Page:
Stick them together and get rid of the optical drives for good.

How much money do you have? Obviously more than me!

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post #13 of 44
Quote:
Originally Posted by John.B View Post

How much money do you have? Obviously more than me!

Give it 2 years and we'll start seeing these drives available in larger formats, and more affordable. My guess is that in 3 years, you'll see 1TB SSD drives for a premium, still, but not so much so that you'll break the bank.
post #14 of 44
i bought a Crucial M225 for my MBP 13" model and I cannot believe how fast it is. imho, 256 GB for $380 seems very reasonable.

MBP $1100, SSD drive $380, total = $1480

my Air with a smaller cpu and less memory is slower and cost $1550.....

anyone looking for a used MBA?
post #15 of 44
I know the article said these are only for sale in bulk to resellers, but it'd still be nice to get a ballpark idea of what they'll eventually cost end users. Anyone? Anyone? Bueller?
post #16 of 44
Quote:
Originally Posted by ruel24 View Post

Give it 2 years and we'll start seeing these drives available in larger formats, and more affordable. My guess is that in 3 years, you'll see 1TB SSD drives for a premium, still, but not so much so that you'll break the bank.

Oh, I agree 100%! But for now, they are still priced out of my budget.

Here is a 2.5" form-factor OCZ Vertex 2 SSD -- still not shipping yet, OBTW -- for £1,330.92/US$2,150 (or £1,132.70/US$1,830 excluding VAT): OCZ 480GB Vertex 2E SSD - Solid State Drive

I think we'll be waiting a while (and we'll be wishing for 5TB drives by then! )

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post #17 of 44
So the 256GB is thicker. It must be double-sided. That presumably answers the question of why it wasn't offered as an option on the 11"
post #18 of 44
Quote:
Originally Posted by John.B View Post

I think we'll be waiting a while (and we'll be wishing for 5TB drives by then! )

Thats the problem with the ever sliding If only they were requests.
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post #19 of 44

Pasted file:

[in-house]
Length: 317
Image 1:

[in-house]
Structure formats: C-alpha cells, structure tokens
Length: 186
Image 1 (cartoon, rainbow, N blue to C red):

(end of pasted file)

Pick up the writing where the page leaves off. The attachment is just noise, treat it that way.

But Apple said the MacBook Air didn't use an SSD!
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post #20 of 44
As noted elsewhere, RunCore has been selling these mini-PCIe card SSDs for netbooks for a couple years. The difference is they are shorter and are pretty cheap for use in netbooks.


Quote:
Originally Posted by TheGreatBug View Post

But Apple said the MacBook Air didn't use an SSD!

Is that what Apple said? If, so did you really think Apple meant that Flash-based storage card isn’t a solid state drive/device? It seems to me that any such statement would be to differentiate it from the SSDs that are designed to mimic the look of a HDD

If I remember correctly, Jobs during the keynote, called it "solid state storage" and specifically stated that the SSD container was removed, with statements about it being smaller and 90%(?) lighter. I don’t recall any implication that you can’t call it an SSD if it doesn’t copy the form factor of a HDD.
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post #21 of 44
Quote:
Originally Posted by success View Post

(2) 1TB drives would be sexy

1 PB would be sexy.



By the way, no information about Sustained Write Speed? It is often 2 times slower than the maximum speed.
post #22 of 44
Quote:
Originally Posted by benice View Post

Why can't they stack these together and be announcing SSD drives with TB-type sizing?

These are basically just the same tech as in a thumb drive right? What exactly is the innovation here?

Stick them together and get rid of the optical drives for good.

1> You will probably balk at the price. Flash is not cheap at those sizes.
2> SSD != Thumb Drive.
3> This form factor is obviously designed by Apple. It is fully custom. No one introduces this on their own because they're not sure people will use/buy and pay extra.
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post #23 of 44
I picked one of the new MBA's up in PC world at the weekend and was impressed at how neat and tidy they are. However, it felt really fragile in your hands, and if i dare say it, cheap.

Never thought i'd ever say that about an Apple product as i'm a die hard fanman.

I'm sure they are fairly robust but anybody else get the same impressions?
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post #24 of 44
Quote:
Originally Posted by mobility View Post

3> This form factor is obviously designed by Apple. It is fully custom. No one introduces this on their own because they're not sure people will use/buy and pay extra.

I don’t think anyone has used an SSD card of the length used in the new MBAs, but the idea is not new, as I stated in my post above. Again, RunCore’s crap SSD cards for cheap notebooks.